Some basic things to do to protect Myanmar's important aquatic species


Myanmar's Aquatic Ecosystem

Myanmar is between latitudes 09º32'N and 28º31'N and longitudes of 92º10'E and 101º11'E in Southeast Asia. Its area is 677,000 km2 with 936 km east to west distance and 2,051 km north to south distance. The length of its continental is 2,832 km divided into three coastal regions, the Rakhine Coastal region, the Ayeyarwaddy and Gulf of Mottama (Mataban) region (the Delta Zone), and Tanintharyi region. Myanmar has extensive inland water bodies of 8.1 million ha which include natural lakes, reservoirs, river systems, and ponds. Its river system consists of the 2,000 km Ayeyarwaddy (Irrawaddy), Sittaung and Thanlwin (Salween) rivers, and 2,600 km of tributaries and smaller rivers combined. The country's fishing waters including Exclusive Economic Zone (EEZ) is about 486,000 km2 and the continental shelf area is 228,781 km2. Fish and turtle are important species of Myanmar aquatic ecosystem. (Source)

Importance of fish 

In Myanmar, fish consumption rate per person is 68 kg/yr. People from inland eat mostly freshwater fish and people who live in coastal region prefer to consume marine fish. So fish is one of the major source of animal protein in Myanmar. The fisheries sector is one of the major components of the country's economy supporting thousands of households who are dependent on fisheries for their livelihoods. (Source)

Image Source: The Global New Light of Myanmar

Importance of turtle 

Turtles remove the sources of harmful bacteria in waterbodies. They eat animals that die in lakes and wetlands and carcasses of fish. Therefore, they become essential not only to maintain water quality but also to keep fish habitat and wetland areas thriving. When turtles become older, they prefer to eat more and more seeds and vegetables rather than protein. The nutrients are cycled in their guts and shells, with seeds in their guts. When they walk through in their territories, seeds are spread over the ground and new plants are encouraged to grow. That's why they play an important role in biodiversity and wetland habitats thrive because of them. Turtles are supporting a majority of fish and wildlife supporting good water quality and our wellbeing.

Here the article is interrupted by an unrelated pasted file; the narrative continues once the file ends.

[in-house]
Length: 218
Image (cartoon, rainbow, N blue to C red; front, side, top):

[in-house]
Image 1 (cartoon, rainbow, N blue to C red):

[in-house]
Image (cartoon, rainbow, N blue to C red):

Black marsh turtle (Image Source: Wikipedia)

Some of Myanmar's cultural habits which may impact aquatic ecosystem

In Myanmar, there is a cultural habit of releasing animals into the nature on Full Moon days, national festivals and birthdays. Moreover, when aquatic pets grow older and become bigger in size, some of the owner wants to release them into the nature. Most of the aquatic animals being released are fish and turtle. Releasing animals back into the nature is surely a good thing to do. But if not being careful, this may destroy not only aquatic ecosystem but also the whole ecosystem. There are some invasive species which should not be released into the nature. Some of them are suckermouth catfish (Hypostomus Plecostomus) and red-eared slider (Tracemys scripta elegans) which can impact serious damage to aquatic ecosystem.

Impacts of Suckermouth catfish (Hypostomus Plecostomus)

Due to the large number of suckermouth catfish breeding in the rivers of Myanmar, other fish are facing the risk of extinction. Suckermouth catfish is a fish native to South America. It is being sold as aquatic pet in Myanmar, but some of these fish have been released into rivers and lakes and increased in amount. They can breed about 2,000 at a time. Suckermouth catfish are not edible because their bodies is mostly composed of bones and no meat. That's why the increase in quantity of this fish is uncontrollable.

According to the report, they are now even in fish breeding pond in Yangon and Ayeyarwaddy Division. Due to their habit of digging the ground, the pond frame collapses. They also eat lotus and variety of small aquatic plants and this can decrease the quality of wetlands and natural ponds. (Source)
Suckermouth catfish (Hypostomus Plecostomus)

Impacts of red-eared slider (Tracemys scripta elegans)

Red-eared slider, one of the invasive species, become a popular pet because of its tiny size and attractive colour. The owner may face some difficulties to take care of them when they become adults. At such time, they might be released into water bodies. These invasive species wander in nature and occupy many urban lakes and water bodies.

When they cannot have resources for food, their metabolism becomes slower and can live for months. These invasive species eat a variety of food, including vegetation, fish and insects which can result in lack of food resource for native species, turtle and others. As their numbers have increased in nature, native species are suffering.
Red-eared slider (Tracemys scripta elegans)


These two are most known invasive species in Myanmar. Releasing them into the nature is a threat not only to water resource but also to the whole ecosystem. So before releasing aquatic pets or some animals into nature, advices from some experts should be requested and the pets to be released should not be invasive species. For further information, there are some social media groups like Turtles & Tortoises of Myanmar and Wildlife of Myanmar where question about the invasive species can be asked.


Written by Chan Myae Naing, an intern at The Water Agency

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